(Apr 28, 2016) Liberty, a civil rights campaign charity, released a video lampooning the potential surveillance powers the British government could possess if the Investigatory Powers Bill is passed, The Huffington Post reports. In “Show Me Yours,” comedian Olivia Lee approaches random citizens, browbeating them into showing personal information on their phones. Lee is met by a series of irritated individuals, highlighting Liberty’s opposition to the bill Home Secretary Theresa May is looking to pass and how c... Read More

Europe Data Protection Digest

Former HSBC employee suing for unfair dismissal after data breach

(Apr 28, 2016) A former HSBC Holdings employee is suing the company for unfair dismissal after he was fired for sending client data to his personal email address, Bloomberg reports. Ben Lazimy sent a 1,400-page spreadsheet containing every equity transaction the bank processed in 2010, including information on client names and margins, HSBC lawyer Clarisse Lebigot said. Jamila El Berry, Lazimy’s lawyer, said no breach of professional secrecy was committed, as the document was never seen by another party. The spreadsheet could be accessed by nearly everyone in the building, and police found the attachment “was damaged and unusable.” HSBC suffered a similar incident when another former employee took client data to show its Geneva private banking unit was aiding foreign clients dodge taxes. Read More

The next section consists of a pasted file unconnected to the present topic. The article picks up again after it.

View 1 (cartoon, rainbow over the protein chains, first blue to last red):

Europe Data Protection Digest

Denham approved as next UK Information Commissioner

(Apr 28, 2016) The U.K. will have a new data protection authority this summer after the Parliament’s Culture, Media and Sport Committee formally approved Elizabeth Denham as the next Information Commissioner. Denham, who currently serves as British Columbia’s Information and Privacy Commissioner, will replace Christopher Graham when his term is up this summer. Denham faced questions from the committee during a hearing Wednesday, answering questions on the GDPR, fining powers and much more. Jedidiah Bracy, CIPP/E, CIPP/US, reports on the details for The Privacy Advisor. Read More

Canada Dashboard Digest, Daily Dashboard, Europe Data Protection Digest

Opinion: The UN should lead the world in privacy

(Apr 28, 2016) “While the protection of privacy constitutes by now a global concern, new technologies or methods of processing … may easily drive to despair any legislator who attempts to apply local jurisdiction approaches on personal data processing that … treats national borders as irrelevant,” write professor Paul De Hert and Vagelis Papakonstantinou. “Quite contrary to what is urgently needed,” they continue, “an entrenchment attitude may be identified even in data protection models devised today.” For ex... Read More